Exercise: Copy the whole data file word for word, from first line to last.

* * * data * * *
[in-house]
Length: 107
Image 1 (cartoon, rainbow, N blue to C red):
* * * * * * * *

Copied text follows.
[in-house]
Length: 107
Image 1 (cartoon, rainbow, N blue to C red):